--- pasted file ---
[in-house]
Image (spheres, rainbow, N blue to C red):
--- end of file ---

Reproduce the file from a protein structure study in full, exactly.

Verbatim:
[in-house]
Image (spheres, rainbow, N blue to C red):